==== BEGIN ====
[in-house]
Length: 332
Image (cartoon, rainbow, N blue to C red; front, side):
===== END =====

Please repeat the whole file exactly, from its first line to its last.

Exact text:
[in-house]
Length: 332
Image (cartoon, rainbow, N blue to C red; front, side):